By Stephanie Witt Sedgwick
Special to The Washington Post
Wednesday, May 24, 2006
Hot dog lovers tend to be loyalists, with some regions harboring more fanatics than others. Don't get residents of Upstate New York started.
"I can't even discuss my favorite hot dogs with some people without getting into an argument," said Jo Natale, a spokeswoman for Wegmans, the grocery chain based in Rochester.
Rochester likes its hot dogs short and stout. Syracuse favors long and thin. Then there's the battle of the "white hots" (made of pork and veal) versus "the red hots" (pork and beef, with some veal). German American family-run manufacturers in the Upstate New York area such as Zweigle's and Hofmann's Sausage Co. helped develop the distinct styles in America; the Hofmann family began making sausage in Syracuse in 1879. In the Washington area, both kinds arrived in full force with the opening of the Wegmans supermarkets in Sterling and Fairfax.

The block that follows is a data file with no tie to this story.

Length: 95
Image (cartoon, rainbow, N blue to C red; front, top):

With weekend grilling (and Memorial Day) upon us, we put the hot dogs to the test. They are different in texture and flavor from the all-beef variety. "All-beef hot dogs get their taste from spices -- especially garlic," said Rusty Flook, Hofmann's owner (and a fifth-generation Hofmann). Aside from the all-beef versions, upstate dogs get a flavor boost from pork, which also gives them a softer texture -- especially if some veal is added.
For the tasting, we were joined by Don Roden, owner of the Organic Butcher in McLean; Wolfgang Buchler, owner of Heidelberg Pastry Shoppe in Arlington; Marty Volk, owner of the Vienna Inn; and Gabrielle Silver, a manager at the inn. Charles J. Nackos, 83, of Vienna, who describes himself as the inn's oldest and most loyal customer, joined in.
The hot dogs were grilled over a charcoal fire. All are available at Wegmans; when available by mail, the e-mail address is listed.
Unless noted, the hot dogs we tasted were Rochester-style.
Former recipe editor Stephanie Witt Sedgwick writes a monthly Entertaining column for Food.